Tusla Chief Executive Bernard Gloster has admitted that one data breach is "one too many" given how sensitive the information related to children the child and family agency deals with.
Last year, Tusla reported 137 data breaches to the Data Protection Commissioner Helen Dixon, prompting Ms Dixon's office to open up three separate investigations.
Speaking on RTÉ's This Week, Mr Gloster said the majority of the 137 breaches came into the "lower risk" categories but said there are still concerns.
In one breach, Tusla accidentally disclosed the contact and location data of a mother and child victim to an alleged abuser.
Concerning that case he said "then there is an increased risk".
Mr Gloster said Tusla is trying to address its system to "mitigate security risks" and he is confident staff are now "more attuned" to the sensitivities of information they are handling.
He said in relation to the breaches, there are no indications anyone acted maliciously and it was more likely attributed to "human error".
"Were any of our staff to be found to do it in a deliberate or negligent manner, they can expect the highest levels of accountability," he said.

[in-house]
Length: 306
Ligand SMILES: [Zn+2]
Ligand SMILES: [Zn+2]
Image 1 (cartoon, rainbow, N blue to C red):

Mr Gloster said while no Tusla worker has been held accountable in relation to the breaches, there is one investigation underway into how one breach occurred.
He said where people were the subject of a data breach, they are notified of the breach and efforts made to correct it.
He said in the particular case of the mother and child "very significant steps" would be made to address that.
Tusla receive around 60,000 referrals a year, which he said leads to a very high volume of work and processing of information.
He admitted that adds to the pressures staff face and there is a very significant intensity to their work and that does add to the "risk of error".
When asked about potential security risks with Tusla staff sharing offices with HSE staff in some areas, he said they are very "attentive" to this.
He said the new NICCS system means that every referral to Tusla goes into that computer system and there is less risk of generating paper.
He also highlighted the benefits of co-location such as having public health nurses on site who are intrinsic to the care of children.
He said a security check of the NCCIS system is ongoing to identify risks related to it.
He also said they have started to introduce very significant changes where staff cannot use printers without ID cards.
"Tusla deals with a lot of legacy systems and before the NCCIS my significant concern is in relation to paper records," he said.